Rook looked dumbfounded, as if this turn of events were completely unexpected. He lowered the bottle to his side, the remaining fingers on his right hand trapped within. The two trigger fingers were attempting to swim their way upstream in hopes of a reunion, scrabbling at the glass.
Bridge took a single step forward, and the killer countered, lunging toward the desk. The expectation would have been for him to grab a weapon, but there were no weapons to be had, other than alcohol. Instead, he snatched up the cell phone that had been taken from him earlier and held it out in front of him, indicating he had something to say/type.
If there had been even one other lead in the case, Bridge wouldn’t have stopped. By the time he finished with Rook, there would have been another bloody room for Spade to clean. And a hallway. And most likely a ceiling. But there were no other avenues to explore. After a deep breath, he silently counted down from twenty—ten wasn’t going to be sufficient—, then gave his assent with a nod.
Rook’s eyes barely glanced at his hand. Though he played havoc holding the phone and pecking away with his thumb, he finished composing his message soon enough and turned the screen around for Bridge to read.
The text appeared smaller than before, and there wasn’t much of it. Even as Bridge was leaning across the desk for a closer look, he knew he was making a mistake. The single lower-case word only served to confirm it.
The bottle of rotgut smashed into the side of Bridge’s head, dousing him in cheap alcohol. The trigger fingers inside it went flying, one landing on the desktop, the other flopping in a puddle on the floor like a dying goldfish. In the confusion, the killer was quick about retrieving the former, but Bridge stepped on the latter, while at the same time wiping a cocktail of blood and booze out of his eyes. Given the amount of blood he’d lost today, there was a good chance he’d need a transfusion by nightfall.
Or a coroner.
Rook tucked his winnings inside his coat pocket and took a step back, his arms held out at his sides, head bobbing back and forth between them like a yo-yo on a string. The desk was his only saving grace. Bridge was concerned that if he went over it and failed to make contact, the killer might grab his other finger and hightail it, and the way Bridge’s head was feeling, he didn’t have another run in him. So he improvised.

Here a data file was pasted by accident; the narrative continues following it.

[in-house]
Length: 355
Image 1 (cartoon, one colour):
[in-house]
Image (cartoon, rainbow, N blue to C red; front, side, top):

Grabbing Spade by the scruff of his neck, Bridge hurled him at Rook. The cat was just as surprised as the killer, but he got over the initial shock by the time he made contact. His claws sank into the dead man’s moldering flesh and went to work, hacking away at his neck and chest until the skin hung in ribbons.
Bridge took his time coming around the desk, using it for support. The world around him was fading fast. Whatever he intended to do, there was no time to dawdle. He tapped Spade on the shoulder as if he were cutting in on a dance partner, and the cat worked its weapons out of the dead man’s suit coat and hopped to the floor.
A miserable gurgling sound came from Rook’s opened throat, and he slapped his hands over the open wound. The noise stopped, but his general condition failed to improve. His eyes went wider in their sockets even as Bridge’s eyes were narrowing.
Unable to overcome his double vision and merge Rook with his identical twin, Bridge split the difference and punched at the space between them, making solid contact. The sound of the killer’s makeshift dental work giving way brought a smile to his face. “When I knock somebody’s teeth out,… I mean for them to stay that way.”
Teeth skittering across the hardwood, Rook went down for the count, his body straight as a board. Much as he would have liked to savor the moment, Bridge was close behind him. As the floor drew closer, he did his best to avoid the sharp corners on the desk, tilting his head just enough to avoid breaking his nose upon impact with the floor. After that, there was nothing.